Qalandiya, Hizma - arbitrafy bureaucracy
For over a week now this house has been surrounded with black flags.
For over a week now the neighbors wake up every morning anxious that today is the day and that they are the next in line.
For over a week now a demolition order has been hanging over this house.
Crossing the checkpoint at this uncrowded hour, as the minutes tick away and waiting lines get longer and there is nothing else to do but count the minutes, and the people waiting quietly, always quietly, in both lines.
Within minutes thirty became forty who turned into fifty. It was no longer countable because the waiting lines had stretched towards the matching hall to the one where we were standing as the soldiers on the other side look at us and do not see us standing in front of them.
Further on, the inspection system is operated with two separate focal points:
- X-raying the person's body and belongings
- Inspecting IDs and permits
All this operates in impeccable order, but then something somewhere goes wrong as a man, not young, hands the woman-soldier his ID and permit and from the other side hears that blood-curdling code: PREVENTED… -But… the man began, -prevented, she repeated, loudly.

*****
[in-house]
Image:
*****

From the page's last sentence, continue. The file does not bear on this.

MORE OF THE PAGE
The man is not hard of hearing. He has heard and understood it, and this is what has stick him in place as well as all those following him in line.
I asked the security guard for an explanation for the sudden prevention, and heard that it is not the soldier's decision but the computer's. What I have to say about this has already been said by the British:
At Hizma I learned that
- Rami's dad got his car back and was fined 5,000 NIS but did not get back the tires he had in the car. Why? – They are used, and the confiscators thought that Rami and his dad meant to set them on fire and throw them at the soldiers.
- My car has four used tires and no one has yet to confiscate them from me.
- Last Monday the Israeli army blocked entrances to the village between 6 a.m and 10 p.m.
- Army vehicles patrols the streets at night as the soldiers fire teargas grenades. Why? –"you throw stones" say the soldiers.
- Nearly every night the army takes over a roof at the village outskirts, the family tries to carry on its life downstairs, but the noise and laughter from above ruin their nights and scare adults and children alike.
Army lingo calls is "straw widow" procedure.